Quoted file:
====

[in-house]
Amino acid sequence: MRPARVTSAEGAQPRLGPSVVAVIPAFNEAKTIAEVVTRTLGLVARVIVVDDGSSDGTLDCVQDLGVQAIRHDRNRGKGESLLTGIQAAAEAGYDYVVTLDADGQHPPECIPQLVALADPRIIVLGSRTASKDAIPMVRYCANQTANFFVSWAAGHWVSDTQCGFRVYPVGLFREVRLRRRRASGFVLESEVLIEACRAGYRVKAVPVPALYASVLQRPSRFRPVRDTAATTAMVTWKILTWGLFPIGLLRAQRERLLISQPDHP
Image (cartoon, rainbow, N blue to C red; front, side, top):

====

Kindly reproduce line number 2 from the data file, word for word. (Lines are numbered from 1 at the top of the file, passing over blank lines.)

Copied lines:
Amino acid sequence: MRPARVTSAEGAQPRLGPSVVAVIPAFNEAKTIAEVVTRTLGLVARVIVVDDGSSDGTLDCVQDLGVQAIRHDRNRGKGESLLTGIQAAAEAGYDYVVTLDADGQHPPECIPQLVALADPRIIVLGSRTASKDAIPMVRYCANQTANFFVSWAAGHWVSDTQCGFRVYPVGLFREVRLRRRRASGFVLESEVLIEACRAGYRVKAVPVPALYASVLQRPSRFRPVRDTAATTAMVTWKILTWGLFPIGLLRAQRERLLISQPDHP